We further investigate the ENSO influence on the meridional temperature transport anomaly by assessing the Indian Ocean heat balance (appendix B). During El Niño, the heat storage increase in the northern Indian Ocean is balanced by the temperature transport anomalies, as well as positive net surface heat flux anomalies (Fig. 6e), associated with the suppressed convection and the resultant increase in solar radiation (Klein et al. 1999). In the SIO, the weakened ITF heat advection is the only contributor to the cooling (Table 1), due to negative temperature transport anomalies in response to El Niño (Clarke and Liu 1994; Liu et al. 2015; Meyers 1996). The enhanced ITF heat advection is the largest contributor to warm the SIO during La Niña; the effect of the net surface heat flux is small (Table 1 and Fig. 6f). Overall, most of the anomalous ITF heat advection is compensated by the meridional temperature transport anomalies across the southern boundary of the SIO during both El Niño and La Niña.

Table 1.

Composite analysis of the SIO (32°–10°S) heat balance (PW): ITF temperature transport, temperature transport and its dynamical components (i.e., external mode, Ekman, and vertical shear components), net air–sea surface heat fluxes, and the rate of change in heat storage.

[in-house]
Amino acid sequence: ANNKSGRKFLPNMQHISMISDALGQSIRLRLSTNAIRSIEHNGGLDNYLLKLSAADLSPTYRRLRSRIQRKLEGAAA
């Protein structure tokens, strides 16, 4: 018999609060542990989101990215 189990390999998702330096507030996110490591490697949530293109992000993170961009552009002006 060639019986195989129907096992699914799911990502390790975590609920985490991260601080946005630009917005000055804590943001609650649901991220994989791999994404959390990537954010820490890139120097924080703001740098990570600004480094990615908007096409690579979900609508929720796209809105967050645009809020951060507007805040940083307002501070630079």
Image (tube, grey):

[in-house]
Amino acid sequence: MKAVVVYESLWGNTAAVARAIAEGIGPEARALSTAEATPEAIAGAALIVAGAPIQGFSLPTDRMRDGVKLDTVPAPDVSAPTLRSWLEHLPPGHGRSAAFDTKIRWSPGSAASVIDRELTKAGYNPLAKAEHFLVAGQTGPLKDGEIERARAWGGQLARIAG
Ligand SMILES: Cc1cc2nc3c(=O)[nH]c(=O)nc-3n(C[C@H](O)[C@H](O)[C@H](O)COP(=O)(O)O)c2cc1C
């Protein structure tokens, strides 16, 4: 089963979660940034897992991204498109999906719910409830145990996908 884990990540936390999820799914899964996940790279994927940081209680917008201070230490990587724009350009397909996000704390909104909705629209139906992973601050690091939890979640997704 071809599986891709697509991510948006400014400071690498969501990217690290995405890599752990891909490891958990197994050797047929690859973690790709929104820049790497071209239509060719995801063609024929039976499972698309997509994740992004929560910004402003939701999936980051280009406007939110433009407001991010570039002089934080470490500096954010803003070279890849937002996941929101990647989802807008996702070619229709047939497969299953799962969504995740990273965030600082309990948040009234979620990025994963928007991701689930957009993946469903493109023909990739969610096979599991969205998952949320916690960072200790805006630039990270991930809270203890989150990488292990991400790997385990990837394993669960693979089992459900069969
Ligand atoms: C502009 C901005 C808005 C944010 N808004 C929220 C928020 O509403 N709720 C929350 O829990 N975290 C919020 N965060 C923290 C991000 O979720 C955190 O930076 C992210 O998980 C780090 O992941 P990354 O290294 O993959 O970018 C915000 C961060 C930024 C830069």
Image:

Table 1.

4. Meridional temperature transport and meridional overturning streamfunction

a. Variations of the meridional overturning streamfunction

Mean and seasonal variations of the meridional overturning streamfunction are consistent with early studies (appendix A). On interannual time scales, the streamfunction anomaly is characterized by an anomalous northward transport in the upper ocean south of 10°S and a subsurface clockwise pattern in the subsurface centered at 10°S during El Niño. This northward transport is mainly contributed by the external mode and vertical shear mode (Figs. 8b,d). The Ekman component is important in the equatorial region (Fig. 8c). The streamfunction anomalies during La Niña (Fig. 8e) are almost reversed from El Niño. As the meridional temperature transport is strongly weighted by the transport anomalies in the upper ocean, there is a close connection between the meridional temperature transport and the streamfunction anomalies.